Original Research

Running more than three kilometers during the first week of a running regimen may be associated with increased risk of injury in obese novice runners.

Authors: Nielsen RO, Bertelsen ML, Parner ET, Sørensen H, Lind M, Rasmussen S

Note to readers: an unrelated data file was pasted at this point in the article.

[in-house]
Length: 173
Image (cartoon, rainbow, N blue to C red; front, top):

Training guidelines for novice runners are needed to reduce the risk of injury. The purpose of this study was to investigate whether the risk of injury varied in obese and non-obese individuals initiating a running program at different weekly distances. A volunteer sample of 749 of 1532 eligible healthy novice runners was included in a three-week observational explorative prospective cohort study. Runners were categorized into one of six strata based on their body mass index (BMI) (≤30=low; >30=high) and running distance after one week (<3 km = low; 3 to 6 km = medium; >6 km = high). Data was collected for three weeks for the six strata. The main outcome measure was running-related injury. Following data analysis, the authors concluded that obese individuals were at greater risk of injury if they exceeded three km during the first week of their running program. Because of a considerable injury risk compared with their non-obese peers, individuals with a BMI>30 may be well advised to begin running training with an initial running distance of less than 3 km (1.9 miles) the first week of their running regimen. Large-scale trials are needed to further describe and document this relationship.

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